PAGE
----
My rating: ★★★★★

ISBN: 978-0525426165
Publisher: Dutton Books
Date of publication: September 27, 2016
Age: Grades 5 and up
Genre: Historical Fiction, Fantasy
Format: library book

Themes: God, miracles, friendship, storytelling, power, Medieval France, adventure, religion

"1242. On a dark night, travelers from across France cross paths at an inn and begin to tell stories of three children. Their adventures take them on a chase through France: they are taken captive by knights, sit alongside a king, and save the land from a farting dragon. On the run to escape prejudice and persecution and save precious and holy texts from being burned, their quest drives them forward to a final showdown at Mont Saint-Michel, where all will come to question if these children can perform the miracles of saints.

"Join William, an oblate on a mission from his monastery; Jacob, a Jewish boy who has fled his burning village; and Jeanne, a peasant girl who hides her prophetic visions. They are accompanied by Jeanne's loyal greyhound, Gwenforte . . . recently brought back from the dead. Told in multiple voices, our narrator collects their stories and the saga of these three unlikely allies begins to come together."

Ah, sometimes, no summary can do a book justice. There are so many intricate, impressive, meaningful layers to this story. This book is pure genius. Okay, so I'm a bit behind the ball on this book. Yes, I realize that this book has received more starred-reviews than I can count and won a Newbery honor and has received so much good buzz...but yes, I'm only just now reading it. If this is on your to-read list, wait no longer! Go and read now.

I'm going to attempt in some small fashion to explain the elements that make this book so amazing. First of all, it's beyond unique. Yes, yes, we have a Canterbury Tales motif going on here, but really...this book is like nothing I've ever read. Not only is the format in this fantastic storytelling setting with multiple character voices and points of view, but the story itself goes above and beyond. Three children who are venerated as saints? Who do everything from challenge the deep religious biases of the day to conquer a farting dragon? Yeah, it's a big pile of unique.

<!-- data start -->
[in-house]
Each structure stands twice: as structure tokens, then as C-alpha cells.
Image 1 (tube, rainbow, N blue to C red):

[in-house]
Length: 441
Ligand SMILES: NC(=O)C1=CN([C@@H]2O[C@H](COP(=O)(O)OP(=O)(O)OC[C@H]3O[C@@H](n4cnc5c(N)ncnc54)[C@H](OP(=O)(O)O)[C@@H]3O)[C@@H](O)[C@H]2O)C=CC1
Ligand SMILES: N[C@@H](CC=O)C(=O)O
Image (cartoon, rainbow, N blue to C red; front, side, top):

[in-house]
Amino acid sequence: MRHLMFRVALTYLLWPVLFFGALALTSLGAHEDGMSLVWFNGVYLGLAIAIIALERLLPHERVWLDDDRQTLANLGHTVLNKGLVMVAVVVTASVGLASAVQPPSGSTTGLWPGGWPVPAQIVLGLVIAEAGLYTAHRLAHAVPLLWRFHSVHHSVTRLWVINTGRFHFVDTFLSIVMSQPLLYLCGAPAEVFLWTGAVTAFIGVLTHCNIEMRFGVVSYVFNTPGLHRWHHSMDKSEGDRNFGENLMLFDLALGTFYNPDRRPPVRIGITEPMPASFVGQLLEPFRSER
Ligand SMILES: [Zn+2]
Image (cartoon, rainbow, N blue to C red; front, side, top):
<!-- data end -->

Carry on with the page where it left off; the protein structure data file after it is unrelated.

Which brings me to the second of all: it's so well-researched. The amount of crazy uniqueness in this book (as I just mentioned) could have quickly derailed it and made it lose all credibility and believability in about two chapters. Instead, I eagerly read through the amazing stories and finished the book in about two days and came to afterword by the author that shares the most amazing aspects of his six-year research and writing journey for this book. Yes, like, I'm writing in run-on sentences, it just gets me so excited. I may admit that it had a bit of a slow start with some "what-the-heck?" moments, but it all ties together so beautifully at the end.

And in my third of all: it tackles some very deep and thoughtful topics. I don't know that I've read a juvenile fantasy that deals so much with religion and God. Indeed, I know I haven't read a kids' book that answers the question, "Why does a God that is good let bad things happen?" Not only is there a healthy dose of theology to keep things thoughtful, but the characters themselves are very well-developed. Their beliefs and actions are so raw, it really jars you as a reader. Really, this book is for ALL ages and I highly recommend that you go and get this book now. Like, look-how-long-this-review-is-and-I'm-still-reeling recommend it.

Find it at your library or on Amazon

No comments:

Post a Comment